Clients often have lofty expectations, pushing for “big hits” instead of a steady stream of solid media exposure. In doing so, they may miss out on important public relations opportunities by ignoring the possibility that a magazine with a circulation of 30,000 can do as much for them as an article in a national newspaper. With this mind, here are four media opportunities–two specific media outlets and two types of media outlets–that I believe should be on the pitch list of anyone who works in public relations.
AARP The Magazine (http://www.aarpmagazine.org/): Published by the American Association for Retired Persons, the bimonthly magazine is the world’s largest-circulation periodical, reaching more than 33 million people (rate base of 23.5 million). The media age for readers is 62 years old and women make up a little more than 60% of readers. The average reader of AARP The Magazine is college-educated, owns a home, and has household income of more than $50,000.
AARP The Magazine includes articles on personal finance, health and fitness, travel, and gadgets aimed at older demographics. The magazine is a perfect target if you’re trying to reach a mature audience, be it to promote a book or movie, vacation destination, product or service. In addition to reaching AARP members, AARP The Magazine attracts additional eyes in public spaces such as doctor’s offices, community centers, and airports. Let’s not forget the children of AARP members, those people who need something to read when visiting mom and dad.
Bloomberg Radio (http://www.bloomberg.com/tvradio/radio/): While Bloomberg is synonymous with financial news, the company’s radio station turns into a National Public Radio-esque platform at night and on the weekend, airing shows on current events, politics, culture, and sports.
The station is available on terrestrial radio in the New York City area (WBBR, 1130 AM), both domestic satellite radio providers, and international satellite radio provider WorldSpace, giving it a rather large distribution area. The Bloomberg wire service sometimes writes companion stories based on the station’s interviews, increasing the reach of the media placement, and podcasts for some shows are available on iTunes and directly through the Bloomberg website.
The boon for PR people is that Bloomberg Radio is beautifully paced and expertly produced. Interviews are lengthy and engaging, and interviewers are typically at the top of their game, giving the interviewee plenty of space to get an opinion or anecdote in. Public relations firms handling clients in the financial arena should target the station’s regular programmin, which is as engaging as that being produced by any financial news media outlet. PR firms representing authors, academics, non-profit organizations, cultural institutions, and others should target the weekend and night shows such as Night Talk, Muse, the World in Time, and Political Capital.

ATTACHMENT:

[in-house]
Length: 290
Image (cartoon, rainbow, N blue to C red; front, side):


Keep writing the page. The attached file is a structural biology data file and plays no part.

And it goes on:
Inflight Magazines (http://www.itravelnet.com/publications/inflightmagazines.html): Talk about a captive audience. Inflight magazines continue to be the standard on most airlines, and surprisingly, the magazines often offer up interesting and timely articles. Inflight magazines are increasing their online presence, with quite a few operating in-depth websites. Because of the number of business travelers who read the publications, the demographics tend to skew towards the affluent end of the market.
One of the best things about inflight magazines is that public relations firms can do good geographic targeting. For example, if you’re handling public relations for a restaurant owner with four locations in Dallas, you can target the inflight magazines serving airlines that fly to or have a hub in the city.
Travel and leisure clients are the not only organizations that will benefit from inflight magazine exposure. The publications include reviews of books, movies, gadgets, and other products and services, as well as feature and trend stories. Inflight magazines are very open to pitches, specifically those involving the key markets that the airline serves. Freelance writers provide a large percentage of the content, so those working in public relations should bear that in mind when you’re getting ready to pitch.
Local and Regional Magazines: You’ve seen them in hotel rooms and in news boxes. These glossy magazines are advertising-driven publications that just happen to include interesting content and fantastic promotional opportunities for local and regional businesses.
My mother happens to contribute to one such magazine, Points North (http://www.ptsnorth.com), which serves Atlanta and its northern suburbs. In the past, she has written articles about everything from Kentucky’s Bourbon Trail and local vineyards to a North Carolina business that offers Segway tours in a national park and local honey producers. What’s interesting is that my mother never gets pitched by public relations firms or local business owners. She picks her own subjects but said she would not mind if people pitched her because it would make her job easier.
These publications are available in most areas and they serve as great public relations outlets to promote clients who own local businesses, especially those in the leisure and services industries. The magazines are typically offered free to readers and they’re generally laid out and packaged nicely.
This article, written by Ben Silverman, originally appeared in PR Fuel (http://www.ereleases.com/prfuel), a free weekly newsletter from eReleases (http://www.ereleases.com), the online leader in affordable press release distribution. To subscribe to PR Fuel, visit: http://www.ereleases.com/prfuel/subscribe/.